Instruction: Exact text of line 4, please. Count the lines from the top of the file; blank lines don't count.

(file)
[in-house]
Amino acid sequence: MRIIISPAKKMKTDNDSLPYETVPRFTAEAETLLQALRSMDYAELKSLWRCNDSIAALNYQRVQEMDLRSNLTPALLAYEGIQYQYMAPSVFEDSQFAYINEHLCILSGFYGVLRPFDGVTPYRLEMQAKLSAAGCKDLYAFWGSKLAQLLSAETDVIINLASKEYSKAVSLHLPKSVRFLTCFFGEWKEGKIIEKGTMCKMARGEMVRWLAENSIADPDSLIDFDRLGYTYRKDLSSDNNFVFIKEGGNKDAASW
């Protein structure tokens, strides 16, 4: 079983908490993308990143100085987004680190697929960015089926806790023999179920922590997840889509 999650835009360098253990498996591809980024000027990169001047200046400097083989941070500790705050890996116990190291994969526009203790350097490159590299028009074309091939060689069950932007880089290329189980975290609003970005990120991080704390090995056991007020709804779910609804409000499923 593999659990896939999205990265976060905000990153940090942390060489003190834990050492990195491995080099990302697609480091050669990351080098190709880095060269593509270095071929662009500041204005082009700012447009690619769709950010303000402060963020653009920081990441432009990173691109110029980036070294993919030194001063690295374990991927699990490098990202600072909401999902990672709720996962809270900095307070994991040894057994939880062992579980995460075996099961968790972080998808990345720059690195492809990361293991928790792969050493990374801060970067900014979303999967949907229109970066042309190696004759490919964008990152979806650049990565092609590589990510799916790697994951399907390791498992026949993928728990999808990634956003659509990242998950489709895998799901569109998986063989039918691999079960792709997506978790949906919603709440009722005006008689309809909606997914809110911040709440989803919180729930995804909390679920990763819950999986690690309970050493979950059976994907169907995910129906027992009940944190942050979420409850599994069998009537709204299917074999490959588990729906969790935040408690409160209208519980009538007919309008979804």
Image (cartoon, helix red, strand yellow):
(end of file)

Image (cartoon, helix red, strand yellow):